Sound Transit paid security firm $350,000 too much, audit finds
Sound Transit overpaid its security firm $349,632 over a 4-1/2-year period, state Auditor Brian Sonntag has found.
Seattle Times transportation reporter
Sound Transit overpaid its security firm $349,632 over a 4 ½-year period, state Auditor Brian Sonntag has found.
An untrained employee and overly complex accounting systems were to blame for the payment mistakes, which benefited the private firm Securitas, according to a report issued Monday. The excessive payments were:
• Fees of $126,147 paid for late processing. Sound Transit actually budgeted for paying late fees, according to the audit.
• Overtime pay of $189,879 for holiday shifts and $1,532 for court appearances, which were not eligible for extra pay in the contract, and $31,960 more for overtime that hadn't been authorized in writing by Sound Transit.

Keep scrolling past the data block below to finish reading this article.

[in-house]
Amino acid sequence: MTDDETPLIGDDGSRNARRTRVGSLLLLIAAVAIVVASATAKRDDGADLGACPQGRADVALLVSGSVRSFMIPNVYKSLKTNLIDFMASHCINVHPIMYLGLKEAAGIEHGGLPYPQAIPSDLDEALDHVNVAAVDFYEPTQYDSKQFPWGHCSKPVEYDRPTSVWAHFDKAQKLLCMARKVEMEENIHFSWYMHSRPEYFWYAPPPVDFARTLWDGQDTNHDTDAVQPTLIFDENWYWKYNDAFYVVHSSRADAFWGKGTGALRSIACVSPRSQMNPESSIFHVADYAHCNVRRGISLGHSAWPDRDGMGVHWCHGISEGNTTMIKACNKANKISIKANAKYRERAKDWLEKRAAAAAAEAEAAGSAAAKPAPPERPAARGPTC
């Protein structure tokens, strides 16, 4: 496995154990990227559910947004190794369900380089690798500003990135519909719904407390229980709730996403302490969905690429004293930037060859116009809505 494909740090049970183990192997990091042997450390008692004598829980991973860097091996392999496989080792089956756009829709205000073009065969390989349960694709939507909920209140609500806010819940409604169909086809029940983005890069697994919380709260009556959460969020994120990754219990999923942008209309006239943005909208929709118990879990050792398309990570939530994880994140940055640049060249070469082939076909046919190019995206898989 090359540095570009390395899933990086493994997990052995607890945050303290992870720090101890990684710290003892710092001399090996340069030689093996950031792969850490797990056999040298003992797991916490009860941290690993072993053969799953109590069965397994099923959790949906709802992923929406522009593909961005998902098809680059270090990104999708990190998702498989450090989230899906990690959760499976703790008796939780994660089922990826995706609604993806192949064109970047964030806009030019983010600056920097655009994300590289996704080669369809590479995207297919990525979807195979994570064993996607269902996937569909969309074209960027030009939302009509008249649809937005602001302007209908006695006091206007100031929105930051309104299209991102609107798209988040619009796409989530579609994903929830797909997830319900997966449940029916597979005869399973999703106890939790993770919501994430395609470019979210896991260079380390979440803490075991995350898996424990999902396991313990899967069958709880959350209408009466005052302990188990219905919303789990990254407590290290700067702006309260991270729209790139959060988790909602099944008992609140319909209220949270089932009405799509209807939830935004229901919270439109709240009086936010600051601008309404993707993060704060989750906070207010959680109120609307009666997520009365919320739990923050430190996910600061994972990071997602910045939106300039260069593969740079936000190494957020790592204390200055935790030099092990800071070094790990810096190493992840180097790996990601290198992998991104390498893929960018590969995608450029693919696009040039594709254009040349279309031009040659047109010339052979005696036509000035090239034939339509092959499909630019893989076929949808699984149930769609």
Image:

• A clerical mistake in billing rates, amounting to a $114 loss.
In addition, the auditor dinged Sound Transit for paying $17,081,913 to the King County Sheriff's Office, for transit-police services, without reviewing the paperwork. Transit staff relied on the Sheriff's Office to review itself, and the Sheriff's Office didn't send invoices on time during most of 2012.
"We don't think we've paid extra to the Sheriff's Office. All the expenses were justified," said transit spokesman Bruce Gray. Invoices are now arriving on time, he said.
State auditors note that Sound Transit, whose yearly budget is $1.1 billion, met state rules in most areas and passed its five previous financial audits without major lapses.
However, a recent performance audit, published last year under authority of Tim Eyman's Initiative 900, said the agency's Citizen Oversight Panel lacked a clear watchdog mission, and that transit leaders filled positions with boosters.
Sound Transit is simplifying the billing process and attempting to recover the excess holiday and overtime pay from Securitas, said Gray. It also launched an internal performance audit on other goods and services, he said.
Massive construction contracts, such as light-rail extensions, are overseen by the federal government and monitored through regular progress reports.
Mike Lindblom: 206-515-5631 or email@example.com